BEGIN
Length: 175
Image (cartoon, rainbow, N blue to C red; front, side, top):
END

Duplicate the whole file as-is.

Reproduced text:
Length: 175
Image (cartoon, rainbow, N blue to C red; front, side, top):